We aren’t saving for rainy days. We are just living. For each other, for now, for the joy of it. I hope that’s enough.

Categories: #Photography, Anecdote, Coronavirus - Covid 19, Life, Vaccination

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20 replies

  1. I enjoy your blog writings.
    I met you years ago when you visited Tabusintac to speak to folks there. Your relatives, if I remember correctly. Taught music there in Tabusintac for 7 yrs, 14 yrs in Miramichi. I was Hartley at that time. The locals just called me The Music Lady lol lol. We still have to wear masks here but hubby and I are fully vaxxed and don’t even listen to the covid news updates anymore. So freeing. All the best to you.


  2. I had to wear one for the first-time last week. Naomi had to go to the hospital for an X Ray and I tagged along for moral support. I wore it for an hour, didn’t like it at all. We have been so lucky, living in this isolated area that we haven’t had to worry about wearing them. it is mandated that masks must be worn at public events of over 1,000 people. We don’t really go to events any more. I would have had to wear one if I still went to the cricket but I haven’t been for several years. I don’t know that I would if it meant wearing a mask all day.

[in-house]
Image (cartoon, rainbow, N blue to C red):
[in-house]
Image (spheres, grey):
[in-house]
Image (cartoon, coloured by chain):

In two weeks, Tasmania will open the borders to all other states including ones where there is still a lot of Covid. We have been told that there will be cases after that happens and we have to get used to it. It may mean mask wearing becomes compulsory in more venues. I hope not. It seems a bit unfair that having kept it out of the state so long and getting the majority of the population vaccinated we would be more restricted than we were before.